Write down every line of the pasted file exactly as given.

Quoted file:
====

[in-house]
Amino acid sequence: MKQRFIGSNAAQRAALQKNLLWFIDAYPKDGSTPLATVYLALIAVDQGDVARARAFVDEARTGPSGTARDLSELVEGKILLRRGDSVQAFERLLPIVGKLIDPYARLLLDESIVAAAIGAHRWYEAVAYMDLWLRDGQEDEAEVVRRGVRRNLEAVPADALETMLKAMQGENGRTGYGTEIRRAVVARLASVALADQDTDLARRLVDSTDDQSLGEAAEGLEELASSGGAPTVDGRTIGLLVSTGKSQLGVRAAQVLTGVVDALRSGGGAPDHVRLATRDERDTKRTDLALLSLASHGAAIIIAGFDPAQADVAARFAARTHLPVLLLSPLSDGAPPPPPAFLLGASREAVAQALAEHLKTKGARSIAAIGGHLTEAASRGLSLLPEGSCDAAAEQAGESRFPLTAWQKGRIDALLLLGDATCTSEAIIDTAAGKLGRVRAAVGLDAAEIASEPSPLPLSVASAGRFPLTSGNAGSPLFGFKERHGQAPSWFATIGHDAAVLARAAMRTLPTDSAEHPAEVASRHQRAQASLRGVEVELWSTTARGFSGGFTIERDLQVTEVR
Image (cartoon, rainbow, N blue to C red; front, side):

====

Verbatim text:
[in-house]
Amino acid sequence: MKQRFIGSNAAQRAALQKNLLWFIDAYPKDGSTPLATVYLALIAVDQGDVARARAFVDEARTGPSGTARDLSELVEGKILLRRGDSVQAFERLLPIVGKLIDPYARLLLDESIVAAAIGAHRWYEAVAYMDLWLRDGQEDEAEVVRRGVRRNLEAVPADALETMLKAMQGENGRTGYGTEIRRAVVARLASVALADQDTDLARRLVDSTDDQSLGEAAEGLEELASSGGAPTVDGRTIGLLVSTGKSQLGVRAAQVLTGVVDALRSGGGAPDHVRLATRDERDTKRTDLALLSLASHGAAIIIAGFDPAQADVAARFAARTHLPVLLLSPLSDGAPPPPPAFLLGASREAVAQALAEHLKTKGARSIAAIGGHLTEAASRGLSLLPEGSCDAAAEQAGESRFPLTAWQKGRIDALLLLGDATCTSEAIIDTAAGKLGRVRAAVGLDAAEIASEPSPLPLSVASAGRFPLTSGNAGSPLFGFKERHGQAPSWFATIGHDAAVLARAAMRTLPTDSAEHPAEVASRHQRAQASLRGVEVELWSTTARGFSGGFTIERDLQVTEVR
Image (cartoon, rainbow, N blue to C red; front, side):